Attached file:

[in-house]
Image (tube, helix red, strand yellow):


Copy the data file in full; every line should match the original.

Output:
[in-house]
Image (tube, helix red, strand yellow):